Action for Choice 2 End of Project Evaluation TORs


These TORs are for the end-of-project evaluation for the Action for Choice 2 project which was implemented in 10 state universities[1] in Zimbabwe and the proximal colleges through the Hub and Spoke model. The project was funded by the Embassy of Sweden in Harare for the period September 2021-August 2024. The main purpose of this final project review and evaluation is to facilitate a process that will document project outputs, outcomes, and impact. Eventually, the process should also mobilize the various stakeholders to act based on its documentation.


  • To assess the project’s performance and achievements vis-à-vis the project’s overall objectives and to conduct an impact assessment on young people, and institutions of higher learning.

  • To evaluate the organizational systems (MEAL, Finance & Project Management) on their ability to support the achievement of project goals. 

  • To generate lessons learned from the implementation of the project’s activities and the outcomes achieved that will be useful for similar projects in the future.

  • To develop specific recommendations for SAYWHAT and other stakeholders for future project improvements.


The final evaluation report is to benefit the following stakeholders:

  • Project Management staff,

  • College authorities,

  • Project funders,

  • Policymakers,

  • Students and young people, &

  • Health service providers.


This Project’s Final Review and Evaluation will provide the following outputs for the various stakeholders as per their interests:

  • Final Evaluation Report

  • Project & Systems Ratings Summary

  • Feedback for all Stakeholders


Zimbabwe’s prevailing socio-economic challenges have significantly impacted young people’s access to quality health services. Low levels of health literacy, coupled with the limited availability of youth-friendly services and accessible information formats, have exposed this demographic to inaccurate and misleading health information (UNFPA, 2020). Health literacy is a critical determinant of empowerment, as it directly shapes young people’s ability to make informed decisions and choices (UNFPA, 2020). The emergence of hybrid learning formats (virtual and physical) has brought both challenges and opportunities in young people’s access to health information, particularly in the domain of sexual and reproductive health (SRH). According to UNICEF and WHO (2017), social security health insurance coverage among Zimbabwean youth is below 1%, leaving most unable to afford essential health services and commodities.

While the Government of Zimbabwe has made efforts to establish and certify youth-friendly health centers that provide affordable services, the initiative has only been implemented in 20 out of 59 districts, with less than 5 of these located within college campuses. Furthermore, the requirement to pay user fees at clinics and hospitals poses a significant barrier for young people living below the poverty line. Although young people constitute 60% of Zimbabwe’s population, their participation in policy spaces and their ability to influence key decisions that impact their health and well-being remain limited. According to Muchabaiwa and Mbonigaba (2019), the lack of youth participation in SRHR processes is a barrier to positive health outcomes. While Zimbabwe has several policies and strategies governing the delivery of SRHR, such as the ASRHR strategy and the Reproductive Health policy, young people often lack knowledge of the policies that protect their health rights, which hinders their ability to effectively contribute to the policy space (Matiza, 2013). Moreover, service providers themselves may also lack knowledge of the laws, policies, and regulations that govern their work in delivering health services to young people.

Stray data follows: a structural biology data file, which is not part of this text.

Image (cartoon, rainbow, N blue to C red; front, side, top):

Compounding these challenges, youth-led organizations have not been actively involved in providing programs and initiatives that address the unique concerns of young people. The development landscape in Zimbabwe is predominantly occupied by non-youthful actors, with limited direct attachment to the grassroots concerns of the youth population.


The TORs are for an end-line evaluation for the Action for Choice 2 project, an extension of phase one which was implemented between the period 2018-2021. The implementation of A4C Phase 1 provided successful models and promising initiatives that justified the transition into A4C Phase 2. The project established several key resources:

  1. Resource Centers: These centers serve as mediums for young people to access SRH information and education, contributing to the provision of an enabling and supportive environment for their innovations.

  2. Call Center: The call center allows young people to access youth-friendly sexual and reproductive health (SRH) information and receive referrals to utilize SRH services.

  3. Studio: The studio is another platform that facilitates the generation and sharing of SRH information with young people.

During the COVID-19 pandemic, SAYWHAT expanded its digital programming, which has shown strong potential to optimize the generation and sharing of SRH information with more young people. The A4C Phase 2 will build on this by further expanding digital engagement to complement physical interactions on young people’s SRH. This expansion will include strengthening online curriculum-based comprehensive sexuality education (CSE) and inspiring young artists to innovate and produce artistic digital products with SRH and gender-based violence (GBV) messages.

Under A4C Phase 1, advocacy efforts brought urgent issues to the policy agenda, such as the need to prioritize programming on sexual harassment, comprehensive sexuality education, and integrated SRH service delivery for young people. A4C Phase 2 targeted to scale up and expand SRH-related research and its use in advocacy with key institutions, including the Parliament of Zimbabwe, line ministries, and universities. Additionally, A4C Phase 1 focused on SRH service provision through hosting Health Fairs and facilitating referrals to SRH services. While the provision of physical health services using mobile options was interrupted by COVID-19, SAYWHAT adopted a new model that co-opted the use of social media and other online platforms. This strategy increased reach and proved to be a promising model that can be scaled up in A4C Phase 2.


7.1 Relevance

  • the alignment of the project with the needs, priorities, and objectives of the key stakeholders, including the target beneficiaries and SAYWHAT.